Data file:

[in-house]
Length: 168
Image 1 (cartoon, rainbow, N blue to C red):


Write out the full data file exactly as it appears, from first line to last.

[in-house]
Length: 168
Image 1 (cartoon, rainbow, N blue to C red):